"What we got here is a failure to communicate"

Catherine is largely a story about miscommunication, and its dialog systems to an irritatingly good job of conveying this theme. Your responses to the game's questions flings the morality meter to and fro with little feedback as to why certain choices elicit moral shifts. Honestly, I can't get too worked up over this, as I think it is actually a clever representation of how seemingly benign conversations shape people's perceptions of one another. Sometimes you just can't make the rules in a social situation, but you're still bound by the very forces you don't understand. Still, being the downtrodden Cool Hand Luke to Catherine's arbitrarily punitive "Captain" can get wearisome.

Vincent's texting habit is also clever, but suffers from frustrating usability issues. Sending texts in lieu of having real conversations is the natural way to communicate for an evasive loser like Vincent, but the actual act of sending those texts is exasperating. Cycling through each reply option necessitates inputting and erasing the same line repeatedly until the choices repeat. While this isn't efficient, I do see the artistic statement that is made by forcing the player to mirror Vincent's indecision. Who hasn't deleted and restarted a text or email half a dozen times?

However, I think it's fair to say that most people have a "tone" in mind before they begin writing. This idea could be integrated into Catherine's dialog options in much the same way Mass Effect handles its communication: players could choose an abridged message option that hints at what will eventually be said. The player could choose from "apologetic" or "angry" without having to continually backtrack through dialog options. This would eliminate superfluous inputs and tedious backtracking while still allowing the writers creative room to give the final responses unexpected connotations, causing the player to erase them and choose something else.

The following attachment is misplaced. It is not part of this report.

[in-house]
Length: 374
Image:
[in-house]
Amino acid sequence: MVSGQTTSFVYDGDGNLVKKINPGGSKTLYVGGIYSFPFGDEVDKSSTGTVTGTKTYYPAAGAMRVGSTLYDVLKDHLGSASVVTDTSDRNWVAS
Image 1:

A Slippery Slope

This is perhaps the most subjective irritant I have, but it's an important one. Something about the Catherine's controls feel off. It's difficult to articulate, but after multiple stages, Vincent's movement still feels unintentionally unpredictable. You would think that a game in which movement is locked to a grid would be precise, but I am constantly finding myself guessing as to how long I have to press a button down in order to get Vincent to move.

This is a problem when the stage is falling away at my feet and Vincent inexplicably climbs to the back of the tower rather than to the left like I expected. All too often I find myself frantically hanging off the side of a block, scooting past the square I want to be on, and messing with the camera. Maybe I've been spoiled by VVVVVV's precision movement or maybe Vincent's spastic clambering is a conscious decision. All I know is that it is frustrating.

Despite all this, I fully intend on finishing Catherine. My stubbornness and masochistic streak will ensure that. I do find the themes and concepts in Catherine interesting, but I keep coming back to the same question: Where is the line between purposefully pesky and accidentally aggravating? Once person's challenge is another person's nuisance, and I'm trying not to let my exasperation cloud my sight. Even so, it's awfully hard to admire a game that is so annoying.

Thursday, August 25, 2011

In Defense of Spoiler Warnings

This week's PopMatters post is about spoilers.

I'm sympathetic to Tom Bissell's frustration by gaming's obsession over spoilers. Too much tongue-biting stunts the critical discussion. While there is no consensus over how soon is "too soon," I think it's fair to assume that if you are reading a critical piece on a particular game, you take responsibility for your own exposure to spoilers. Maybe there should be a one year statute of limitations on warnings in general? Whatever the case, the ultimate onus is on the reader.

That being said, I am firmly of the opinion that spoilers matter, and that "going in blind" is an important experience, especially for critics. A recent study out of UC San Diego suggests that people find spoiled stories more "pleasurable" (whatever that means), but it's important to remember that stories are about more than hedonism.